Citigroup Inc.'s campaign to repair its U.S. customer-service reputation may be making progress: Clients are becoming more likely to recommend the bank rather than disparage it, an internal memo said.

The consumer unit's "net promoter score" — a gauge of how many people would recommend or denounce its service — has climbed to a 2010 high of 54%, from 46% at the end of last year, according to an Oct. 25 staff memo from the division's chief, Manuel Medina-Mora. A score of at least 50% shows business is likely to grow, according to Satmetrix Systems Inc., an owner of the measure's trademark.

Citigroup's image was battered by more than $29 billion of losses during the past two calendar years tied in part to subprime mortgages, and it was propped up by a bailout that included $45 billion of taxpayer money. On top of that, the retail bank ranked last or second-to-last on customer service in three of the five regions in which it operates, according to a survey in January and February by the marketing consultant J.D. Power & Associates.

"They're digging their way out of a hole," said Jack Trout, president of the Trout & Partners Ltd. marketing strategy firm in Old Greenwich, Conn. "I would say you might call it progress, but it's very slow progress, and they have a long way to go."

The contents of Medina-Mora's October memo were confirmed by Natalie Riper, a spokeswoman for Citigroup, which is 12% owned by the federal government.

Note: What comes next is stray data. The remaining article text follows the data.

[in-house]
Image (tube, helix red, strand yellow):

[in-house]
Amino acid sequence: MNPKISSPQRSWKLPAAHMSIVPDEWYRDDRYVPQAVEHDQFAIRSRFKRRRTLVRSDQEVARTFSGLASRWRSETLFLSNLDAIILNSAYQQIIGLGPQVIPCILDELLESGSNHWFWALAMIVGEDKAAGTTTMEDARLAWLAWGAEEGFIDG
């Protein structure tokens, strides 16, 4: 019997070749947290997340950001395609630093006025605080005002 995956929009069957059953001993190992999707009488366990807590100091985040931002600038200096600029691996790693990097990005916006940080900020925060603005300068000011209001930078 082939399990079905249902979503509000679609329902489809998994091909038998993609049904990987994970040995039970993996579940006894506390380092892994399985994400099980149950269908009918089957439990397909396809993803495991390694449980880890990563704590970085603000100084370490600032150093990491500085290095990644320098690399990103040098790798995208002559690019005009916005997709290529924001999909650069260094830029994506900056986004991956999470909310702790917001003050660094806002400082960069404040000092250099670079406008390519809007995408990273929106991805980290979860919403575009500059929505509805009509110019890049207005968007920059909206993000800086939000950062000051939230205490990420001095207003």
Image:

Medina-Mora, 60, was appointed in January to shake up the North American consumer unit, and he told 9,000 employees to undergo training. Client sentiment has benefited from the training program, Medina-Mora wrote in the memo. "This and other actions are already resulting in noticeable improvements in net promoter scores," he wrote. "We must continue on our journey to make progress in this area."

Citigroup recognizes that its net promoter score "is just one measure," Riper said in an e-mailed statement. "We still take very seriously external customer surveys including J.D. Power, where we know we have a long way to go."

The score is a "loyalty metric" that evaluates a company's growth prospects by asking customers whether they would recommend it to their friends and family, according to, which is maintained by Satmetrix in San Mateo, Calif. Leaders in the U.S. include Apple Inc., with a score of 78%, and Inc., at 71%, according to research published by Satmetrix in March.

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